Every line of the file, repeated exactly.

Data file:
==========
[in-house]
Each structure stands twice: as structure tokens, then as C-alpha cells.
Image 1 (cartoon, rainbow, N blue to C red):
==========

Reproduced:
[in-house]
Each structure stands twice: as structure tokens, then as C-alpha cells.
Image 1 (cartoon, rainbow, N blue to C red):